Adam Scott says the Players Championship may not be a major but he is still hungry to become just the second Australian to win twice at TPC Sawgrass.
Debate rages every year whether the Players – whose 144-player field is the strongest in world golf – can finally shed its tag as the unofficial fifth major.
Scott, the 2004 winner at TPC Sawgrass, doubts that is happening any time soon. But the former World No.1 did deem the Players the "biggest event on the PGA Tour" which now boasts a $US15 million prize pool, the richest in golf.
"It's not a major but it ranks pretty highly," Scott told AAP on Wednesday.
"It's huge, isn't it? It's the biggest event on Tour and I think it'd be very special to have a couple of these trophies."
Scott and Jason Day (2016) are the only active Australians to have won the Players, while countryman Steve Elkington (1991, 1997) is among just six golfers to have won the Players multiple times. He is the only Australian on that list.
"I've played some solid golf but this year I'm probably a little more prepared to put four good rounds together." - Adam Scott
Jack Nicklaus leads the way with three Players wins.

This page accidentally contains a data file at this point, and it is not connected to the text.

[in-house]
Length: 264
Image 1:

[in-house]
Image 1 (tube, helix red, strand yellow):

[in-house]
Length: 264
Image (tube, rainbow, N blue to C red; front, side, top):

World No.9 Scott believes this edition is his best chance in several years to lift the Players trophy for a second time, given his recent victory at the Genesis Invitational at Riviera Country Club capped a return to form.
"Winning recently has me confident, but I generally have a good record around here," said Scott, whose 2004 win is among four top-10s at TPC Sawgrass.
"I've played some solid golf but this year I'm probably a little more prepared to put four good rounds together."
Scott will play the opening rounds this year with stars Justin Rose and Xander Schauffele.
Scott's average driving distance of 310.3 yards (283.7m) is ranked within the top-20 on the US Tour. He says the Players reverting to a March date, following a 12-year stint being held in May, favoured longer hitters like himself.
"It doesn't drastically change the golf course, but it's better for a few guys off the tee," Scott said.
"You're asked to hit more club off the tee, compared to when it's firm in warmer May weather, and that favours guys who have strong tee games. But you still have to be accurate."
Scott is joined in the field by countrymen Day, who is under an injury cloud, as well as Marc Leishman, Cameron Smith, Aaron Baddeley and Matt Jones.
- Evin Priest, Australian Associated Press